While humans spend money on fishing tackle to bring home the catch, here we take a look at the finest fishing equipment money can’t buy.
Fishing tackle straight from nature.
Just like a 19th century able seaman armed with a British naval cutlass, a sword fish uses its proboscis to hack and slash its prey into submission. But the swordfish’s best bit of natural fishing equipment is speed.
As a 60mph swimmer, the swordfish is one of the fastest fish in the world. Although overfished – restrictions on long lining in coastal areas have helped to bring about an upsurge in swordfish numbers in those areas.
Catching one can be a risky business though, and there are reports of swordfish having smashed their way through the planking of small boats.
These eight armed denizens of the deep feast on fish, worms and crabs.
Their sharp parrot-like beak is the only hard part of their body and they use this to drill into hard shelled prey. Octopus saliva is paralysing – one nip is enough to immobilise a fish long enough for it to be devoured alive.
Octopi are truly amazing creatures. They have three hearts, blue blood and are so intelligent they’ve been known to break into fishing boats to steal the catch.
There’s no need for a fishing rod and reel when your body is a fish stunning machine.
Twin batteries on either side of the electric ray’s brain can deliver a pulse equivalent to the power released by dropping an electric hairdryer in the bath. That’s more than enough juice to incapacitate your average fish.
Electric rays were long thought to be magical creatures and were used by the ancient Greeks to numb the pain of childbirth. So there you have it – grateful mothers popularised the name Ray. (I made that last part up).
Who needs fishing tackle when you have a mouth that holds up to ninety tonnes of water and food?
Blue whales – the biggest creature on earth – guzzle up to three and half tonnes of krill in a single day. The longest blue whale ever recorded was a staggering 110 ft in length, but despite its enormous size, sadly the creature is no match for man. Before the introduction in 1966 of a total ban on hunting – blue whales had become virtually extinct.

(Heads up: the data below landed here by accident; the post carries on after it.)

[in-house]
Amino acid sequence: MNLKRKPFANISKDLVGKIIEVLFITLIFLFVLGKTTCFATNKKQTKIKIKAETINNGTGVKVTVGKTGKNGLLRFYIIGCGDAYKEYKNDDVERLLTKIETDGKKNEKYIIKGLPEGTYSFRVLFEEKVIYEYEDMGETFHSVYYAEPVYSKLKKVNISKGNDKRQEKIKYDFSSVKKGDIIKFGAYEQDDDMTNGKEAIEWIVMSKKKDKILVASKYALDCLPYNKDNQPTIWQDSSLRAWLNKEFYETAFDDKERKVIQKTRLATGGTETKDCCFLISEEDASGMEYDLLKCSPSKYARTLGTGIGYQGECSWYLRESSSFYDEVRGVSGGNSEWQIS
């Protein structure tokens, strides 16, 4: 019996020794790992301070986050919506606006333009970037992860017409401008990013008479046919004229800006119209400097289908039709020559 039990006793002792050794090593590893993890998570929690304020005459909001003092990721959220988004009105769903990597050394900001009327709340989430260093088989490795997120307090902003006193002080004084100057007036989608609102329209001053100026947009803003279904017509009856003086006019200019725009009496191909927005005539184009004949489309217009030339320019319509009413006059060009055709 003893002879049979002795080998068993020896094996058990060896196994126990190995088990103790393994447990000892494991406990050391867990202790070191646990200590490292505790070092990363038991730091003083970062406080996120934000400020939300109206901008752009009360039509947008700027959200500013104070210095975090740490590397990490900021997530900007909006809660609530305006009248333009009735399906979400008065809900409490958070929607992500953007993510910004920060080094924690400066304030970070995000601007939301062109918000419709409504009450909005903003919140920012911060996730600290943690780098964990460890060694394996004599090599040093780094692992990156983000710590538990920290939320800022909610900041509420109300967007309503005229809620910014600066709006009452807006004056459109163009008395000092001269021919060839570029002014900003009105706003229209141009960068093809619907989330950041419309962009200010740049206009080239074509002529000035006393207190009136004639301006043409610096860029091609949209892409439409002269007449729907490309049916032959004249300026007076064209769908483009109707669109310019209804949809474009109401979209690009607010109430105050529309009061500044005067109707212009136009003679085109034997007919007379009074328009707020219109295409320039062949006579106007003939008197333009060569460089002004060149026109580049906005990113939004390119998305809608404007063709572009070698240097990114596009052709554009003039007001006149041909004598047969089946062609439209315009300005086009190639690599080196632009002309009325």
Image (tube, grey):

Now numbers are thought to be hovering around the 5,000 – 12,000 mark. A far cry from the quarter of a million thought to have existed before the introduction of commercial whaling.
Over 20 ft long, teeth as sharp as razors and with serrated edges, a top speed of around 25 mph and a liking for the taste of blood – here’s one apex predator.
Great whites feast on other fish, dolphins, seals, sea turtles and birds. But if you think Great Whites are a man eating killing machine in the same vein as Speilberg’s ‘Jaws’, think again.
This shark is a discerning feeder. It selects its prey carefully before ambushing it from below in a single devastating attack. Big sharks go for high fat marine mammals – so you’ll be fine – probably.
The sea fish that comes closest to using fishing tackle, the deep sea angler fish makes use of a lighted proboscis mounted on its forehead to lure fish within reach.
Its ingenious fleshy fishing rod can be moved in all directions, allowing the fish to jiggle its light like a lure. When our intrepid angler snaps its gaping jaw shut, long needle like, inward pointing teeth skewer the prey.
There’s no escape from there. Angler fish have dislocatable jaws and distending stomachs and can swallow prey up to twice their own length.
Today’s fishing tackle box is full to the brim with bright, garish things that wriggle, sparkle, spin and bob.
Electronic bite alarms inform us of the lightest nibble, and the technology of the space race keeps us warm and dry on the bank and in the bivvy. But what of times past – gentler days when fishing tackle was truly inspired by nature.
Here we take a look at fishing equipment, vintage style.
The best cane rods are still made from Tonkin cane, hand planed, whipped with silk thread and varnished to perfection. To buy a new one will cost at least a few hundred pounds and easily a lot more than that.
Cane rods take a bit of looking after too. Stored badly they can warp, and varnish may crack if a rod is exposed to too much heat. But the bottom line is, nothing casts quite like a cane fly rod. And well maintained, you’ll only ever need to buy the one.